By On the occasion of our 20th anniversary
By Gustavo Arellano
By R. Scott Moxley
By Alfonso Delgado
By Courtney Hamilton
By Joel Beers
By Peter Maguire
By Charles Lam
(Long after my day at the seminar is done, when the sun has set on my Competitive Edge and when Robbins is but a mere faint memory, I will wake up at night screaming and shaking violently. "No, no!" I will cry in my anguished half-sleep. "Stop the clapping! Don't do it! Don't make me do it!" But they won't understand, and really, how can they?)
Actually, the first few times this happens, I want to cower in the corner of the room, but by the fifth or so time it happens, I'm less taken aback. I don't know if it's because I'm becoming more awake (the seminar started at a very executive 8:30 a.m.), I'm learning what to expect, or I'm getting brainwashed.
"This is the state of leadership!" Robbins thunders. "This is the state where things get done!"
But as I look around the room at the beatific smiles and the look of relief on the professional faces, I begin to see something different going on. People want direction. They want leadership. They want guidance. They want one man to stand before them and make them clap and tell them who they are. They don't really want to be leaders. That's the hoax: Who truly wants to be a leader? Who truly wants to be an Anthony Robbins, standing before a mass of people telling them what to do and how to live their lives?
Before every break, Robbins goes into a hard sell for the rest of his products. In these stretches he comes off less the fiery motivator and more the sleazy infomercial guy. "If you ask what it costs, then you need to check your head!" Robbins admonishes, holding up a box of motivational tapes. "You shouldn't ask what it costs! You should ask what it's worth!"
Throughout the day, Robbins will ask questions of the audience rapid-fire, and if you agree with him, you're supposed to raise your hand and say "I." For example:Robbins: Who wants to make more money? Say, "I." Crowd:I! Who wants to lead a richer life? Say,"I."
I!Who wants to have time to do it all? Say, "I."
I!Who wants to watch me peel back my amazing life-like skin coating to reveal my alien insides? Say, "I."
Okay: I cannot tell a lie—that last question was made up. The call-and-response might make it seem as if there's audience participation, but Robbins never actually asks questions or allows audience members to ask questions. Doing so would just get too complicated seeing as a Robbins seminar is an elaborately orchestrated spectacle with music stopping and starting and video images appearing on the monitors to emphasize certain points or induce certain moods.
Plus, if Robbins were to allow audience members to ask their own questions, it would allow them to stand out as individuals, and the whole day seems skewed toward keeping the mob feeling intact. We don't wear nametags with our own names on them; we wear badges that say "Competitive Edge." At the beginning of the day, we're asked to repeatedly touch one another without knowing the most basic of information about one another. When Marvin massages me (we're repeatedly told to "massage your partner"), I quickly ask him, in a whisper, for his name and where he works, and I feel guilty doing so because we're talking while Robbins is talking, but I feel more comfortable at least knowing the name of the person working the kinks out of my back.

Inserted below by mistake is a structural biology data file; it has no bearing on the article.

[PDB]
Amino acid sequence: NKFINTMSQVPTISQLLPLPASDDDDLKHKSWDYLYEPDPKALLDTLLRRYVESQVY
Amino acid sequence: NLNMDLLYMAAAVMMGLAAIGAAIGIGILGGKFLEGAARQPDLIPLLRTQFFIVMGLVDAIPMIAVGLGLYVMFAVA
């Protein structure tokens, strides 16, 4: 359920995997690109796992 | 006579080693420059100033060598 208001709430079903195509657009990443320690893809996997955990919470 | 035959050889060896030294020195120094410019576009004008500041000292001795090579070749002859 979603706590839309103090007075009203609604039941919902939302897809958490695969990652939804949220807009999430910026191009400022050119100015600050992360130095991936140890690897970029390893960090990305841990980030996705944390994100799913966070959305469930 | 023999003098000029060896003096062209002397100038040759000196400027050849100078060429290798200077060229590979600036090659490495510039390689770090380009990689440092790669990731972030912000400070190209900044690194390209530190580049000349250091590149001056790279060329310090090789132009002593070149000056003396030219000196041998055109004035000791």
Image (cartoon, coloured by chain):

By depriving us of our individuality and constantly agitating our physical space, Robbins has complete crowd control. He wants us to hug each other; we do it. He wants us to jump around and yell, "yes"; we do it. He wants us to massage our partners; we do it. Granted, he's not using this control for any deleterious purpose aside from making money, but it's still kind of icky.
After another big, orgiastic sales explosion, Robbins asks us to turn to Page 10 in our workbooks. There are two series of questions, each followed by half a page of blank lines. While "Chariots of Fire" plays in the background and we're supposed to be busily scribbling in our books, Robbins reads the questions slowly and emphatically.
"Who . . . are . . . you?" he asks. "How do you define yourself? Why should I 'buy' from you vs. someone else? What makes you unique?"
"Now find a partner!" Robbins directs. Marvin and I look at each other. "One of you is 'A,' and one of you is 'B'."
We determine that I will be A. I begin to feel guilty, though, because I didn't actually write anything in my workbook. "You didn't?" Marvin asks, horror-stricken. "Don't worry, I can come up with something," I say.
"Now tell your partner why you do what you do and why someone should 'buy' from you," Robbins advises. When it's Marvin's turn, he tells me, again, about his grandfather not having life insurance and how it strapped the family and how because of this, he knows about life insurance, and if people would just give him a chance, he could explain how his product would benefit them. While he's talking, I realize that there are a few ways he could make his story more effective, more tactically effective, such as if he were to give some tear-jerking details about the family's hardships and if he were to, perhaps, make it his father who didn't have life insurance instead of his grandfather. I never mention this, though, as it's not my place, and plus, the whole idea of using someone's death in order to sell something really creeps me out.